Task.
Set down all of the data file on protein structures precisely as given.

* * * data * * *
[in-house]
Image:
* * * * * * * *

[in-house]
Image: